Under the influence
Rather than the Beatles/Smiths hegemony of inspiration, US acts like Yeasayer are drawing ideas from a disparate array of influences. Rob Dabrowksi hears how
After riding a wave of hype stateside and playing to sold-out audience on their first full US tour, Yeasayer are bringing their unique brand of world music-tinged rock to Glasgow. The four-piece combine sprawling, experimental soundscapes with African chanting and Far Eastern acoustic numbers in a glorious wash of melody. They are, quite frankly, bizarre. But the disparate array of influences they draw on makes for a captivating experience.
The Brooklyn band are the latest in a critically acclaimed stream of American acts to invade these shores. Like their contemporaries, Animal Collective, TV on the Radio and Vampire Weekend, they create exciting and original sounds by weaving together genres which would, by British standards, be considered strange bedfellows.
Chris Keating, who plays keyboards and sings in the band, thinks the surge in creativity across the Atlantic, is due to the decline of the major label in the states over recent years.
‘I think there’ve been some really interesting bands in from the UK over the last 30 years, but right now in New York it seems like there’s this climate which is just producing experimental music,’ he says. ‘With the emergence of more independent labels I think we’ve seen some underground artists really break through from the States. People are just all trying different things and it’s a very exciting time.’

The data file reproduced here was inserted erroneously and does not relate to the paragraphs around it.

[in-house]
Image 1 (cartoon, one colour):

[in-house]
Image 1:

Yeasayer are an act who dabble in tradition and work in the lingering shadow of Talking Heads, but have no qualms about name-dropping Chimurenga music pioneer, Thomas Mapfumo, as an influence. Luckily, they don’t shy away from a good pop hook either, as demonstrated on their new single, ‘Wait for the Summer’. The track is all gently plucked acoustic guitars and a shuffling rhythm section, coming together to create a 70s folk sound that’s pitched somewhere between alt.rockers Calexico and psychedelic trailblazers Arthur Lee’s Love. It’s all topped off with a dreamy middle-eight section that’s dripping with harmonised vocals that could melt Brian Wilson’s heart. It’s the kind of musical rarity that is as far removed as you could get from the current crop of up-and-coming British bands who are still obsessing over The Beatles, The Smiths and Joy Division.
‘I don’t see why anyone would want to sound like Joy Division,’ says Keating. ‘They were a great band but it’s already been done. I think there was definitely a conscious decision when we formed to do something different and break away from the ordinary.’
These aren’t surprising words from a band that formed two years ago to record the soundtrack to a stage musical about a West Pennsylvania mining town, and who also have a penchant for sampling basslines and monkeying around with them so they sound like French horns as they blast through shimmering layers of melody.
‘I suppose the mission statement for the band would be to take things that have come before and combine them with influences that just aren’t usually seen in Western music – to come up with something completely new.’
King Tut’s, Glasgow, Sat 8 Mar.